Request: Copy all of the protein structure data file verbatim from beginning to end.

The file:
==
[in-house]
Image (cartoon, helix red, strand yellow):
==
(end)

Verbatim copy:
[in-house]
Image (cartoon, helix red, strand yellow):